Mass Transit Ticketing – Mobility as a Service (MaaS)

In our last few articles, we wrote an introduction to mass transit ticketing, covering the main digital ticketing methods available to transit agencies, including closed-loop and open-loop ticketing . We then dived into the time it takes to tap an open-loop card in transit.

We now want to build on these initial concepts and introduce a new type of transportation service that is emerging: MaaS (Mobility as a Service).  

MaaS providers offer a variety of transportation options and can include bike sharing, ridesharing, scooters, taxis and even traditional public transit systems. It is more than just a new way to hail a ride. It’s a comprehensive approach to transportation that is generally controlled from a single app on your smartphone. 

MaaS has the potential to change the way we think about urban transportation. It can reduce congestion and pollution, because it makes public transit more convenient, and it gets people out of their cars and onto shared transit infrastructure. 

As we discussed previously, the travel between a public transit stop and the passenger’s final destination (home, work, shopping, etc.), is known as the “last mile” of a rider’s journey.  One of the key aims of MaaS is to address this problem and work with transit authorities to provide easier, transparent and seamless connections between private and public transport systems, across different operators. 

Main Advantages 

The advantages of MaaS are many and varied. Perhaps most importantly, it gives people greater freedom and flexibility when it comes to getting around. No longer do they need to own or lease a car – they can simply use one when they need it, for as long or short a time as they like.  

This can save them a considerable amount of money, both in terms of the upfront cost of buying or leasing a vehicle, and in terms of ongoing running costs such as fuel, insurance, servicing and repairs. It also frees up space in their homes, as they no longer need to store a car. 

MaaS is more convenient than traditional forms of transport. For example, users can book cars by the hour or day, meaning they only pay for the time they use them. 

Ride-share 

A combination of traditional public transportation and ride-share can efficiently solve the last-mile problem for a lot of riders, unfortunately riders who live in rural areas with poor public transportation options, can find it difficult to reliably find ride-share options at the times they want to travel.  

In a study conducted by Science Advances, found that ride-share or “transportation network companies” lead to an increase in traffic congestion, rather than decrease as most people assumed they would.  Read more here. 

Bike and e-scooter rental  

Bike sharing and e-scooter programs provide an environmentally friendly and active transportation option for city residents and visitors, they and offer a fun and convenient way to travel short distances. Additionally, they help reduce traffic congestion and parking demands, while providing an affordable transportation alternative.  

However, these programs can be expensive to implement and maintain, and may require significant investment in infrastructure.  Due topographical aspects, city environments, and weather actors such as snow and ice, they may require careful planning to ensure accessibility and safety.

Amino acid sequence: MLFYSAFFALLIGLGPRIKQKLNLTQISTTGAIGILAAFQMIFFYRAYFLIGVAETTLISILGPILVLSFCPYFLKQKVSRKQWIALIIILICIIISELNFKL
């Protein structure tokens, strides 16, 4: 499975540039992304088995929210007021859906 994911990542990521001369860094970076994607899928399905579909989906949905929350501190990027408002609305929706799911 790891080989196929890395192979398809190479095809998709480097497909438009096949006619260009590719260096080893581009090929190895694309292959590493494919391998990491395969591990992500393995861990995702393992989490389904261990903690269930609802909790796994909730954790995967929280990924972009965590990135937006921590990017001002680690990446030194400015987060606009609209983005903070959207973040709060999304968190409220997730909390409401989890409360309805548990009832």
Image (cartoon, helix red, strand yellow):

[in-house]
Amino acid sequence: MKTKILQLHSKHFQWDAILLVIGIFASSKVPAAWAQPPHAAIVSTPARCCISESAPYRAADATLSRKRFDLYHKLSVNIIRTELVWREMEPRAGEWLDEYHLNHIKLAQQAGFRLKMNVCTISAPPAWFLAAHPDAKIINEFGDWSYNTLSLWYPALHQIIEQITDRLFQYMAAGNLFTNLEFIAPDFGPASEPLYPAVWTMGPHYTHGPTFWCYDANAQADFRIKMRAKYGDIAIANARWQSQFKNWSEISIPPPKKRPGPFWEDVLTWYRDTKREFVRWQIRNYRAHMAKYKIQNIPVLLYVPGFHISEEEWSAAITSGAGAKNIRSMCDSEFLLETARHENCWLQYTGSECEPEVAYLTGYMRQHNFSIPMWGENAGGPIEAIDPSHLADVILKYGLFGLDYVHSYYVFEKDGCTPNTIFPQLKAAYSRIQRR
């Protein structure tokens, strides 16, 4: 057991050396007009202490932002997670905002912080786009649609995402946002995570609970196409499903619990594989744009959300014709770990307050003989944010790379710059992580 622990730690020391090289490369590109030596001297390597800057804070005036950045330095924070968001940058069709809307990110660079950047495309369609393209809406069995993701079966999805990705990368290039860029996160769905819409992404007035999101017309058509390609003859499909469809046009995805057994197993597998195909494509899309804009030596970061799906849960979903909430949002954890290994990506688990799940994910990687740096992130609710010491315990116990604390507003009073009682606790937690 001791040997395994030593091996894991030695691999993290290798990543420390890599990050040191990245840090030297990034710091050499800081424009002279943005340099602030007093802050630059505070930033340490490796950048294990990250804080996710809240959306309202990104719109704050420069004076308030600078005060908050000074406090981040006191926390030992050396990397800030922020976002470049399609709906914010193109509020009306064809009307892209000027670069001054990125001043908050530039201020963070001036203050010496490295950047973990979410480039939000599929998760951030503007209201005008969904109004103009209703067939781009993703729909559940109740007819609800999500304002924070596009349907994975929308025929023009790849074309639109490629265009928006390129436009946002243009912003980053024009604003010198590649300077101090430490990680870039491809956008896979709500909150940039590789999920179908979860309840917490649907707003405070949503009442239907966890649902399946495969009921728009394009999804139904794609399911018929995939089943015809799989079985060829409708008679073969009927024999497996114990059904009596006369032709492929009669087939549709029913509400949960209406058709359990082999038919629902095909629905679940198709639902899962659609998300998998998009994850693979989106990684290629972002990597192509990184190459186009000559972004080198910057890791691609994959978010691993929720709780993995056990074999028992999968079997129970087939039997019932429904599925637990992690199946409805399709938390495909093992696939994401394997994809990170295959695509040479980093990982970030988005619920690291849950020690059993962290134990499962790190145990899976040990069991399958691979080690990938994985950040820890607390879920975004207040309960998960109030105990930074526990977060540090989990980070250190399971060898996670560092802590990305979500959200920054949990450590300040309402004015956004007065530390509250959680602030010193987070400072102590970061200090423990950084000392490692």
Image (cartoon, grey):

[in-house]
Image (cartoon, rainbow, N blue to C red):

Multi Modal  

As we have seen, the key to MaaS platforms is to accommodate many different modes of travel in a seamless way.  These modes are combined differently depending on the city, types of travel, and riders’ preferences. 

The MaaS ODIN trial currently being carried out at the University of Queensland is a great example of how one size does not fit all.  The purpose of the trial is to learn what works in the student environment, and then roll out appropriate MaaS type solutions. 

More information on how the trial is progressing here.

MaaS Ticketing 

MaaS platforms have two main ways to charge riders.  Subscription plans – where the rider typically pays a fixed fee per month, to access a range of services, or Pay As You Go (PAYG), which can either be pre-paid into a wallet, or post-paid, once travel is complete. 

There are also hybrid models where some services are included at certain times, and some incur an additional charge.  For example, off-peak travel could be included, with an additional fee levied to the rider’s account for travel in peak or by specific modes, such as taxi. 

When there are multiple operators in a MaaS ticketing systems, the concept of a broker or aggregator to pass information on riders taps and travel between separate operators can be adopted.   

MaaS ticketing systems use account-based ticketing techniques to gather a riders travel details across modes and operators and calculate fares for the charging period.  

Conclusion 

For a MaaS solution to be successful we need a combination of traditional mass transport, rural buses, on demand transport, and ride-share that link together to provide a fast multi-modal rider experience.  It is not a one-size-fits scenario, and trials and pilots need to be run to see what works for each city’s residents and visitors. 

Authors: David Lunt, Technical Director, Australia & Eugene Lishak, Associate, Canada, Payments Consulting Network 

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David and Eugene have worked on ticketing systems since 2011 and 2008 respectively. They both bring a wealth of knowledge to the Payments Consulting Network on this topic. 

This is part of a series of transit articles. 

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